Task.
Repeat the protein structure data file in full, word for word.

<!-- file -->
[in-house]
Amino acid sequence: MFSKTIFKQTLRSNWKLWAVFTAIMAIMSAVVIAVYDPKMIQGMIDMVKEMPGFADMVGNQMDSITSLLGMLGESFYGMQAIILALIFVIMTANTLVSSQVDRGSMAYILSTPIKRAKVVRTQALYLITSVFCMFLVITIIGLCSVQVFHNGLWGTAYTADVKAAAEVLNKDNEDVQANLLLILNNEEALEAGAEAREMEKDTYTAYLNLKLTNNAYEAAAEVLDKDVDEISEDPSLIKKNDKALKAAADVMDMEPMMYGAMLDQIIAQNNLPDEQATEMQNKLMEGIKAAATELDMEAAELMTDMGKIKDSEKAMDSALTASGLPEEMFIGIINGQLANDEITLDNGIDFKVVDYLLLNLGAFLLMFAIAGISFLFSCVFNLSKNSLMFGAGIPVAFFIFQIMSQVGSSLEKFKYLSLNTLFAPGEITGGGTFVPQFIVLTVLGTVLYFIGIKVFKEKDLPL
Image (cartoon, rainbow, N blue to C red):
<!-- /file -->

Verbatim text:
[in-house]
Amino acid sequence: MFSKTIFKQTLRSNWKLWAVFTAIMAIMSAVVIAVYDPKMIQGMIDMVKEMPGFADMVGNQMDSITSLLGMLGESFYGMQAIILALIFVIMTANTLVSSQVDRGSMAYILSTPIKRAKVVRTQALYLITSVFCMFLVITIIGLCSVQVFHNGLWGTAYTADVKAAAEVLNKDNEDVQANLLLILNNEEALEAGAEAREMEKDTYTAYLNLKLTNNAYEAAAEVLDKDVDEISEDPSLIKKNDKALKAAADVMDMEPMMYGAMLDQIIAQNNLPDEQATEMQNKLMEGIKAAATELDMEAAELMTDMGKIKDSEKAMDSALTASGLPEEMFIGIINGQLANDEITLDNGIDFKVVDYLLLNLGAFLLMFAIAGISFLFSCVFNLSKNSLMFGAGIPVAFFIFQIMSQVGSSLEKFKYLSLNTLFAPGEITGGGTFVPQFIVLTVLGTVLYFIGIKVFKEKDLPL
Image (cartoon, rainbow, N blue to C red):